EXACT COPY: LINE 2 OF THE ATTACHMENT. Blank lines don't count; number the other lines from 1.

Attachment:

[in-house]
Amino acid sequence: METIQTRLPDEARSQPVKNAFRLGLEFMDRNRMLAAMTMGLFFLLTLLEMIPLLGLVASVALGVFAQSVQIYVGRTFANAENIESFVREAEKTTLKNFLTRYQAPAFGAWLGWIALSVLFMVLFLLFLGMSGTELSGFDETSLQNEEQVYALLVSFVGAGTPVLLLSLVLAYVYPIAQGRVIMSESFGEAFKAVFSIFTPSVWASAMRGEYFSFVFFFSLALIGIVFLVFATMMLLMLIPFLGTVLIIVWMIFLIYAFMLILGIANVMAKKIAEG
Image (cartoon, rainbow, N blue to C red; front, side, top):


Amino acid sequence: METIQTRLPDEARSQPVKNAFRLGLEFMDRNRMLAAMTMGLFFLLTLLEMIPLLGLVASVALGVFAQSVQIYVGRTFANAENIESFVREAEKTTLKNFLTRYQAPAFGAWLGWIALSVLFMVLFLLFLGMSGTELSGFDETSLQNEEQVYALLVSFVGAGTPVLLLSLVLAYVYPIAQGRVIMSESFGEAFKAVFSIFTPSVWASAMRGEYFSFVFFFSLALIGIVFLVFATMMLLMLIPFLGTVLIIVWMIFLIYAFMLILGIANVMAKKIAEG